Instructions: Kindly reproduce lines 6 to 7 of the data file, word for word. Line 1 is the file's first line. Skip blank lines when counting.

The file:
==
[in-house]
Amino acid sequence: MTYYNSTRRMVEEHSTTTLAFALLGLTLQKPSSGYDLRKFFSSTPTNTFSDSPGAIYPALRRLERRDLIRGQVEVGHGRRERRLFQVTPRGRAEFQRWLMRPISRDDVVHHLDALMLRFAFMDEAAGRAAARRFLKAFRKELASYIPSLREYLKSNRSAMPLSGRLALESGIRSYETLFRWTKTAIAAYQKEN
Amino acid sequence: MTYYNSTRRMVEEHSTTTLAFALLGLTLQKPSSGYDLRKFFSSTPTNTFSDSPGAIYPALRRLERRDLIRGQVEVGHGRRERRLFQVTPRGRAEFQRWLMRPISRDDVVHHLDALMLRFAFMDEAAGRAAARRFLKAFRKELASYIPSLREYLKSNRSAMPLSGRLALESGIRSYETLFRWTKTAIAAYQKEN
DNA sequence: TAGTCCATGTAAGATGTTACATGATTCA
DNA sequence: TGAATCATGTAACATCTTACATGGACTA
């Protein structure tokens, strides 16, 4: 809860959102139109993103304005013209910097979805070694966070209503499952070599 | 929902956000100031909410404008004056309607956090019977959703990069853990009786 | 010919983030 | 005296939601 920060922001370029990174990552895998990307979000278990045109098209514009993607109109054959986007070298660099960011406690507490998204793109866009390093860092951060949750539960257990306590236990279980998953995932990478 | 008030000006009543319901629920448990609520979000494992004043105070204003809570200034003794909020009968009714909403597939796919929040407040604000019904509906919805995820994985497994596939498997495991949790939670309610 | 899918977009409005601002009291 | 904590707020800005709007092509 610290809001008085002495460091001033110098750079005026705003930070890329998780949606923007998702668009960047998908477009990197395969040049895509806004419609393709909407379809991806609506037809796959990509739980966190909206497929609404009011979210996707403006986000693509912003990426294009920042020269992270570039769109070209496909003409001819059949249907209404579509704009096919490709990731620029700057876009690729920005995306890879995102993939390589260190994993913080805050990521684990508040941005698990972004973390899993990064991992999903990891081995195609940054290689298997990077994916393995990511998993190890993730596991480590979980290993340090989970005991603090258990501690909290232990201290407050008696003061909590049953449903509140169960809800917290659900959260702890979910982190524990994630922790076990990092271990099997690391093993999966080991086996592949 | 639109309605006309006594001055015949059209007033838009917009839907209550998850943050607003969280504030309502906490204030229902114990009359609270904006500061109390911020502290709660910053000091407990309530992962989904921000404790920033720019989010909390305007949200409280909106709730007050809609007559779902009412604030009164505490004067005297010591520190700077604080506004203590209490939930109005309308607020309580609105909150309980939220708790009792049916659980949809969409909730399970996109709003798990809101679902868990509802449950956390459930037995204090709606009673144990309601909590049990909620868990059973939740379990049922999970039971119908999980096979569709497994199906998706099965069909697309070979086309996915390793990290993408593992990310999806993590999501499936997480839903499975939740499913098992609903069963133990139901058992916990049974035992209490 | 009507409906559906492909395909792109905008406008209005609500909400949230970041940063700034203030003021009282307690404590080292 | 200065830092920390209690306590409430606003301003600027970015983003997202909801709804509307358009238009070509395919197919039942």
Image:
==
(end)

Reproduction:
């Protein structure tokens, strides 16, 4: 809860959102139109993103304005013209910097979805070694966070209503499952070599 | 929902956000100031909410404008004056309607956090019977959703990069853990009786 | 010919983030 | 005296939601 920060922001370029990174990552895998990307979000278990045109098209514009993607109109054959986007070298660099960011406690507490998204793109866009390093860092951060949750539960257990306590236990279980998953995932990478 | 008030000006009543319901629920448990609520979000494992004043105070204003809570200034003794909020009968009714909403597939796919929040407040604000019904509906919805995820994985497994596939498997495991949790939670309610 | 899918977009409005601002009291 | 904590707020800005709007092509 610290809001008085002495460091001033110098750079005026705003930070890329998780949606923007998702668009960047998908477009990197395969040049895509806004419609393709909407379809991806609506037809796959990509739980966190909206497929609404009011979210996707403006986000693509912003990426294009920042020269992270570039769109070209496909003409001819059949249907209404579509704009096919490709990731620029700057876009690729920005995306890879995102993939390589260190994993913080805050990521684990508040941005698990972004973390899993990064991992999903990891081995195609940054290689298997990077994916393995990511998993190890993730596991480590979980290993340090989970005991603090258990501690909290232990201290407050008696003061909590049953449903509140169960809800917290659900959260702890979910982190524990994630922790076990990092271990099997690391093993999966080991086996592949 | 639109309605006309006594001055015949059209007033838009917009839907209550998850943050607003969280504030309502906490204030229902114990009359609270904006500061109390911020502290709660910053000091407990309530992962989904921000404790920033720019989010909390305007949200409280909106709730007050809609007559779902009412604030009164505490004067005297010591520190700077604080506004203590209490939930109005309308607020309580609105909150309980939220708790009792049916659980949809969409909730399970996109709003798990809101679902868990509802449950956390459930037995204090709606009673144990309601909590049990909620868990059973939740379990049922999970039971119908999980096979569709497994199906998706099965069909697309070979086309996915390793990290993408593992990310999806993590999501499936997480839903499975939740499913098992609903069963133990139901058992916990049974035992209490 | 009507409906559906492909395909792109905008406008209005609500909400949230970041940063700034203030003021009282307690404590080292 | 200065830092920390209690306590409430606003301003600027970015983003997202909801709804509307358009238009070509395919197919039942």
Image: